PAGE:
While memories of the New American Music Union are beginning to fade, it could be awhile before those in the local scene forgive the American Eagle-sponsored festival for not deigning to showcase a single local artist among its main-stage performers. Especially in such a home-team town as Pittsburgh, it smarts a bit, doesn't it?
One local musician, Lohio's Greg Dutton, decided that he and his musical colleagues weren't gonna be left out. Assembling a 14-track compilation, Dutton and other featured musicians handed out 1,000 copies during the festival, and at a Brewhouse afterparty.
Entitled The Key Party Presents ... Playing Favorites, the compilation is now available at local record stores, and through www.myspace.com/keypartypittsburgh. It features mainly indie-pop performers, many of whom should be familiar to CP readers: Donora; Shade; Triggers; Ball of Flame Shoot Fire; Lohio; Meeting of Important People; Br'er Fox; Boca Chica; Ben Hardt and His Symphony; Good Night, States; The Central Plains; Brewer's Row; Blindsider; and Emily Rodgers.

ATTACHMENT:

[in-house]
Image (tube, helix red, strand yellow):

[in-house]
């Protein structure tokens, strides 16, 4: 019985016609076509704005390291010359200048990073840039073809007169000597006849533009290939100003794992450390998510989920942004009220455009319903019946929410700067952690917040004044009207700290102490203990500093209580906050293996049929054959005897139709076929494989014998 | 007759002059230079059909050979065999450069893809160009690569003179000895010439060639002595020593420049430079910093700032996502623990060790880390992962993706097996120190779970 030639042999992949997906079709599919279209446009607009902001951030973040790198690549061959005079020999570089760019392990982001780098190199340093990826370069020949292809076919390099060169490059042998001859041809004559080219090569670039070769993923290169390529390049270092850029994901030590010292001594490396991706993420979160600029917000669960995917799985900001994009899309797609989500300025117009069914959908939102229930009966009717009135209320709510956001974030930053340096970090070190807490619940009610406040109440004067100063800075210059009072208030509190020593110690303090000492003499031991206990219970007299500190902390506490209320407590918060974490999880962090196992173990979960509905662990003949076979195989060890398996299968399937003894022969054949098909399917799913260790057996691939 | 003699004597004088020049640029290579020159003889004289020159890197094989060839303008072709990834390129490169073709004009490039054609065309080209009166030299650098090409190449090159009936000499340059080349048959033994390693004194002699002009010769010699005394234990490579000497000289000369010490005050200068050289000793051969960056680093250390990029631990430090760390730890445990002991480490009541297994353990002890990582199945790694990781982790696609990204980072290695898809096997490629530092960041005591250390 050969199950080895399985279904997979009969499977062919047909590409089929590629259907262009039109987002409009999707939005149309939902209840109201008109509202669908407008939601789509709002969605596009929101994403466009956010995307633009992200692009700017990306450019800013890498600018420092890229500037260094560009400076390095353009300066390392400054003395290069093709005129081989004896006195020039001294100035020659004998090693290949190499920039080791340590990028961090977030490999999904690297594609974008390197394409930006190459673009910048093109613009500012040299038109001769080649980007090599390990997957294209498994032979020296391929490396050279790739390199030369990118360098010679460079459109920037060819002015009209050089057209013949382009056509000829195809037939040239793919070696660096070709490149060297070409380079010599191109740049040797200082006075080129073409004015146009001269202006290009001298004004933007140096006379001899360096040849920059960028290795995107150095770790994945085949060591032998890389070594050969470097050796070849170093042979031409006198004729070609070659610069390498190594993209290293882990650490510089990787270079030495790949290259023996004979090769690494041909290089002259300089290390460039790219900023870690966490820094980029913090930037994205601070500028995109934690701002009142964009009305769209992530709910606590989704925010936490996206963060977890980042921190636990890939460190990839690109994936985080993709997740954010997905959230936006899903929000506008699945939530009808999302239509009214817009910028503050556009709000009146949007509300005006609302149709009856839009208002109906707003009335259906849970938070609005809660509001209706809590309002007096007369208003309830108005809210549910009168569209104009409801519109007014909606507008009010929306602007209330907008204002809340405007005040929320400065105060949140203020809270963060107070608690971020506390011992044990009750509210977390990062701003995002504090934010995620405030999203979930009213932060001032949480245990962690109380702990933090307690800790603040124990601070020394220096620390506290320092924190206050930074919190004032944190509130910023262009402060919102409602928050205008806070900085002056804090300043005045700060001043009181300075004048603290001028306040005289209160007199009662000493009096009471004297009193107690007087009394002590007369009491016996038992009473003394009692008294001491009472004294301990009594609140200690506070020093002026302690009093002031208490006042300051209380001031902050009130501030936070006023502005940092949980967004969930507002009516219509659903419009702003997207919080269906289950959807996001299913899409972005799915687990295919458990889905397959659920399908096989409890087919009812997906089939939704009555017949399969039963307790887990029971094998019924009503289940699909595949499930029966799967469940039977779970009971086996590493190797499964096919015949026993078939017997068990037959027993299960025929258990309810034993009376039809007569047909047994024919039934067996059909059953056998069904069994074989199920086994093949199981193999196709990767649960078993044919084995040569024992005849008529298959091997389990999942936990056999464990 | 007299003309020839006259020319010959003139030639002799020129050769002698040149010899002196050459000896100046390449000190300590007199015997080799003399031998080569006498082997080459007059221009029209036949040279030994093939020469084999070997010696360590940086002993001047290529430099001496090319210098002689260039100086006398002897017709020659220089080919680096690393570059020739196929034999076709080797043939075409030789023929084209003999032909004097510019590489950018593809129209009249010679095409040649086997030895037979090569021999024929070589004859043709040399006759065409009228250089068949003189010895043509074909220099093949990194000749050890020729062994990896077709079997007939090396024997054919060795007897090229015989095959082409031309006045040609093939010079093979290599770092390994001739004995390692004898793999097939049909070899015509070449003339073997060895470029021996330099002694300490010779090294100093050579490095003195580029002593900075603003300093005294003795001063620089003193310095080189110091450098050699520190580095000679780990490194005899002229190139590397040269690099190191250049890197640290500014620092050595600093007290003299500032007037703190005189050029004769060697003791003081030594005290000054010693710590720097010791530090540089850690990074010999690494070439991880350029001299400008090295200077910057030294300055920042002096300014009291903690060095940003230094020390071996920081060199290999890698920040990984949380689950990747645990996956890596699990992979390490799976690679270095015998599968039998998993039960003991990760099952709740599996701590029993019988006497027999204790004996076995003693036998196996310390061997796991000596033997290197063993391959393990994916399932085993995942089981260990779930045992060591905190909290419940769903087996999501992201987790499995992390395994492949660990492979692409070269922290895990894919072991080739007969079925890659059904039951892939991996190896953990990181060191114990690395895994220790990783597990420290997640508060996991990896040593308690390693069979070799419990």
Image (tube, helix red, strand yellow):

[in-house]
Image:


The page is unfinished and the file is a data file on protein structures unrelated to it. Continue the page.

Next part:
The title comes from a series of "Key Party" shows held over the past year or so, where some of these acts would swap members onstage or at house parties, performing each other's material.
Dutton is quick to point out that the compilation is "not meant to be a Best-of-Pittsburgh disc and it's not a genre album," he writes. "It's about the relationships between the musicians. ... Many bands share members, some share roommates and most everyone involved knows each other." It's no surprise that the "Top 16" friends on the comp's MySpace page consist of the contributors, plus Brillobox (a frequent venue of choice) and WYEP DJ Cindy Howes (a frequent champion).
In other words, it's admittedly a "scene" compilation, such as happen with some regularity around these parts. As my predecessor Justin Hopper once described the phenomenon, "The results almost always suffer from provincialism, and either a cliquish scensterism or wild genre chaos." The trick to a cohesive compilation, Hopper offers, is to pull the stylistic aperture in a bit tighter.
Provincialism? Sure, and why not: Playing Favorites shows a group of like-minded Pittsburgh bands working to reach some new local ears, which is admirable. But while "genre chaos" doesn't describe it -- the disc certainly steers clear of Pittsburgh's electronic artists and gnarlier experimental ensembles, both scenes with compilations unto themselves -- it would be more unique if it were an actual key-party compilation: recorded versions of bands playing each other's songs.
Perhaps next time. If -- and this is a big if -- these musicians are emotionally prepared for the prospect of a friend in bed with one of their songs. It smarts a bit, doesn't it?